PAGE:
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1 min read

Q&A - What is a sleeve bearing?

By Dave Biering on May 20, 2014

Sleeve BearingThis is a simple question that is worth repeating.  Sleeve bearings are the most common type of plane bearing, and are suitable for use in a range of applications.   Sleeve bearings are designed to carry linear, oscillating or rotating shafts, and function via a sliding action.  Plain and sleeve bearings are often compact and lightweight, and generally offer good value.   To compare various bearing configurations, see our recent post on common bearing types.    Where are sleeve bearings found?  

Common sleeve bearing applications include:

  • Auto industry - Transmission shafts, links, pins and crank components
  • Ag Industry – Linkage assemblies on attachments, steering gear
  • Off-road Industry – Clevis bearings for hydraulic cylinder pins
  • Marine industry - Steady bearings for drive shafts
  • Food industry - Processing and packaging applications where lift and tilt devices are used

Plain and sleeve bearings are also referred to as bushings or journal bearings.  For assistance in choosing the right sleeve, see our Rulon sleeve bearing selector chart.

Topics: Plastic Bearings Plastic Sleeve Bearings
2 min read

Common Types of Plastic Bearings

By Dave Biering on April 29, 2014

Types of plastic bearingsOur plastic bearing blog has covered hundreds of topics over the years ― everything from questions on the surface energy of plastics to the advantages of high-performance bearings aboard America’s Cup.   This week we wanted to take a “back-to-basics” approach by reviewing some of the common types of plastic bearings.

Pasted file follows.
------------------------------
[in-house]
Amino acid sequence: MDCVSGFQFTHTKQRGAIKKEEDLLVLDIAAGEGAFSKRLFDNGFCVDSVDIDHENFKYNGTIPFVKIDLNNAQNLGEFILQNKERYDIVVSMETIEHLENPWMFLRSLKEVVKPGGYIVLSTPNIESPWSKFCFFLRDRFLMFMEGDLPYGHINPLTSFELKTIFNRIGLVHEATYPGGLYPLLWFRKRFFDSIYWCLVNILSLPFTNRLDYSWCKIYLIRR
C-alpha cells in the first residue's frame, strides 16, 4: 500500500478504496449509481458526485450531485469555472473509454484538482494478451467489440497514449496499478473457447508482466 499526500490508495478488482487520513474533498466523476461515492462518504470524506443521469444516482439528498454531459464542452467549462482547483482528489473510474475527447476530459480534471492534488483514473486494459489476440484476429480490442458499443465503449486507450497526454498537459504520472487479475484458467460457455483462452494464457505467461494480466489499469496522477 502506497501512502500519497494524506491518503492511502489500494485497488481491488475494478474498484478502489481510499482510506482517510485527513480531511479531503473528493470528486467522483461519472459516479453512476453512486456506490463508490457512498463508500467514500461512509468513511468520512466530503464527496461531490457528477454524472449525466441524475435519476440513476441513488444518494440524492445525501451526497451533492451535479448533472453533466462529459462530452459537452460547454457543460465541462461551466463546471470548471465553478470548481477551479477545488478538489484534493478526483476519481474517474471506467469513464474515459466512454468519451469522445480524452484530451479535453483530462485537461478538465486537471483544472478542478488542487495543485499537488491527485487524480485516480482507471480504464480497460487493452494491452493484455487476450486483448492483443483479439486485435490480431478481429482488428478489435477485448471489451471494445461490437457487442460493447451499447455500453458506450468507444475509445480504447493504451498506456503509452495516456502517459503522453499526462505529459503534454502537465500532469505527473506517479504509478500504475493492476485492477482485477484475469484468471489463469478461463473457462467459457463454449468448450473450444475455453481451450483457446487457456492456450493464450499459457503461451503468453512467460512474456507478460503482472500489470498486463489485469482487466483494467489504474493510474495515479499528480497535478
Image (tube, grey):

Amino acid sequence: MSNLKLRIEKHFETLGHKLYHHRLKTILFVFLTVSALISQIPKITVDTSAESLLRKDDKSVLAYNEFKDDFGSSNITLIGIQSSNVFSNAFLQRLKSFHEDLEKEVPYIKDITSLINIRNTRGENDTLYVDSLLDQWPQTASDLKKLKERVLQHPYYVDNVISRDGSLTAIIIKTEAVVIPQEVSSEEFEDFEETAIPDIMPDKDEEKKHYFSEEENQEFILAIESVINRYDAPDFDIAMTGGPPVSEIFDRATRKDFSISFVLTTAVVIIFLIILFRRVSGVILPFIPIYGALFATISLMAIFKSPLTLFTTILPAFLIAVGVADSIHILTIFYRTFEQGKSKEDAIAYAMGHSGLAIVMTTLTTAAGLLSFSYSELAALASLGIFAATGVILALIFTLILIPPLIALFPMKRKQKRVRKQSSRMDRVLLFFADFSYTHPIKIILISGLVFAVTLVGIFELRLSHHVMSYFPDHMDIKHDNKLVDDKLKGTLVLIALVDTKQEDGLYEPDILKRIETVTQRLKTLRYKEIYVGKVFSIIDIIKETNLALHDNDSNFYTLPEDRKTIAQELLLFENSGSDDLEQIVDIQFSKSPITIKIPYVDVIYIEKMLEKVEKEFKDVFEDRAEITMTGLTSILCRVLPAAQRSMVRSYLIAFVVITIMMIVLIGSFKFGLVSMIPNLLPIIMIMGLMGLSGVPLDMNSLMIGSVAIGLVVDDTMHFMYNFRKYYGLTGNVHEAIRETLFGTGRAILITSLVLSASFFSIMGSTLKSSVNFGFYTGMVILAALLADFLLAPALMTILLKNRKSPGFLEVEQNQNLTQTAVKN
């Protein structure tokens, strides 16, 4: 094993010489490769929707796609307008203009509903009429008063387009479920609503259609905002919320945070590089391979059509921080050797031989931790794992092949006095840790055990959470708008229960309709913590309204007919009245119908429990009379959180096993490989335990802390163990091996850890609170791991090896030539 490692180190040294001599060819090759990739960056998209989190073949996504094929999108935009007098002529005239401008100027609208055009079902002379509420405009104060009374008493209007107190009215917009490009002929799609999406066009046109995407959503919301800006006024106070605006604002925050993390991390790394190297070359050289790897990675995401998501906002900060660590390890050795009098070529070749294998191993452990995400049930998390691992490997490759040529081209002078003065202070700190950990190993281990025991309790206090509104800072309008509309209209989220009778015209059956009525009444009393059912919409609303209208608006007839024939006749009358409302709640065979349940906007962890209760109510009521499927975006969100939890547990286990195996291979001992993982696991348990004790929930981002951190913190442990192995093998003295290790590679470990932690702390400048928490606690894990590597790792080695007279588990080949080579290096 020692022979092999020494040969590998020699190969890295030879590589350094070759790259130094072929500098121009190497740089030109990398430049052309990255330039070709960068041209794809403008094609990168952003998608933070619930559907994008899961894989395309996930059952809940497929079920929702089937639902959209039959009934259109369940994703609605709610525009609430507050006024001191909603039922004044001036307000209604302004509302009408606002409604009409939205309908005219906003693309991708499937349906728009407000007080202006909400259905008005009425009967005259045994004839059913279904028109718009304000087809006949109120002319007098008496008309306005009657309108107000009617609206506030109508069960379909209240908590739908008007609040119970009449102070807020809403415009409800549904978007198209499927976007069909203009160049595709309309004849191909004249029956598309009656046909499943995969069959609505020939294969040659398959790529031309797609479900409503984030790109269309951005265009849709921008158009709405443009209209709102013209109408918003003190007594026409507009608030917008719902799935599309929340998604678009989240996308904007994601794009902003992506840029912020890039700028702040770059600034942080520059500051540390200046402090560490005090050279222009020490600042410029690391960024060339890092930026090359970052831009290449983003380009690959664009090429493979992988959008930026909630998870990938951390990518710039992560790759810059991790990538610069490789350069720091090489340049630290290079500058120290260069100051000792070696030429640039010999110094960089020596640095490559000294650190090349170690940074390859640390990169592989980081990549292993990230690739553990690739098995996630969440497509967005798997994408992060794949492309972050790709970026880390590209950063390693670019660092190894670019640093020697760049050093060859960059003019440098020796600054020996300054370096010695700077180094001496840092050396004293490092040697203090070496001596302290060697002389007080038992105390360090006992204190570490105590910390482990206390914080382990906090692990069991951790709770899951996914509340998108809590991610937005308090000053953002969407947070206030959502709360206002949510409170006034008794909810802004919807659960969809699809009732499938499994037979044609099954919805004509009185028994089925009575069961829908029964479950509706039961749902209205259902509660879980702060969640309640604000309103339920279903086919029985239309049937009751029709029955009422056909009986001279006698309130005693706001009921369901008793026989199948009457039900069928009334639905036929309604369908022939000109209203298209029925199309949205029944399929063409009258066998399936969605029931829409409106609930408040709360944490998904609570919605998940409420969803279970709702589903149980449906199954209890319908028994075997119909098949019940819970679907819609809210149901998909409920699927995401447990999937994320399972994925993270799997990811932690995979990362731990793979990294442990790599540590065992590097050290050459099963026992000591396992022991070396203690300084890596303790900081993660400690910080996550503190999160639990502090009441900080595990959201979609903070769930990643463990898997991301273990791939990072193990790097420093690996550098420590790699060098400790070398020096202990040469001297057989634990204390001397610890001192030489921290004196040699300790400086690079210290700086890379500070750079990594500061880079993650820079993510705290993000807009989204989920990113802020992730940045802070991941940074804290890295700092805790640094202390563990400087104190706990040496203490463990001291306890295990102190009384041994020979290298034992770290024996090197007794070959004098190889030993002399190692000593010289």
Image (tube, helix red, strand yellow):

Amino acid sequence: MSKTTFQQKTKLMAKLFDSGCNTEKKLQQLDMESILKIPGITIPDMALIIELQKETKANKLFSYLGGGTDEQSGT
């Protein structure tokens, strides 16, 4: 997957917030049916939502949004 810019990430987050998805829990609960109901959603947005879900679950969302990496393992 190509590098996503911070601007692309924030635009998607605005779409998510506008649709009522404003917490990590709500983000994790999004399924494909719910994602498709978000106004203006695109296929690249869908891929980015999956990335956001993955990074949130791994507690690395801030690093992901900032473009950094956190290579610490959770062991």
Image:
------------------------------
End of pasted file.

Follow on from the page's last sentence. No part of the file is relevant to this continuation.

As a quick review, bearings enable rotational or linear movement, and are designed to reduce friction for easier movement and speed.  Here are 5 common configurations:

  1. Flange bearings

    20140429_flangeFlange bearings are designed to handle both axial and radial loads. In some designs the flange is also used as a locating mechanism to hold the sleeve portion in place. Flange bearings require a little more machining to the housing but can solve the unique load conditions of a shaft and some type of thrust surface.

  2. Mounted bearings

    20140429_mountedMounted bearings come in the form of pillow block or flange style housings. These can be in many different forms with 2, 3 or 4 mounting holes. Mounted bearings can be retrofit with several different plastic plane bearing materials to improve wear and reduce or eliminate lubrication.  

  3. Thrust bearings

    20140429_thrustIn plane bearing speak thrust bearings are simple washers made from any number of materials. These are generally thin, easy to install and prevent metal on metal contact in any thrust load conditions. Much simpler to use than ball or needle thrust bearings and do not require lubrication of any kind in most conditions.

  4. Sleeve bearings

    20140429_sleeveThe most common plane bearing, sleeve bearings, are simple ID/OD/Length cylinders that are designed to carry linear, oscillating or rotating shafts. The key to successfully designing a plastic sleeve bearing is paying attention to temperature, P, V and PV ratings for the material and match it with your application. Watch our video on designing plane bearings for more information on this process.

  5. Spherical bearings

    20140429_sphericalSpherical bearings are designed to allow for shaft misalignment, as they can rotate from two directions. Spherical bearings typically support a rotating shaft in the bore that calls for both rotational and angular movement. 

For applications with unconventional parameters, the above standard bearings may not be the right fit.  Instead, the best solution may be custom-fabricated bearings. 

See our Materials Database for more technical data on the above bearings, or just Ask an Expert!


Topics: Plastic Bearings Plastic Sleeve Bearings Flange Bearings